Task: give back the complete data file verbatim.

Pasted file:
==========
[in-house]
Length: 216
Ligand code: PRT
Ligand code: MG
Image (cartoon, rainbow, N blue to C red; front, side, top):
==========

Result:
[in-house]
Length: 216
Ligand code: PRT
Ligand code: MG
Image (cartoon, rainbow, N blue to C red; front, side, top):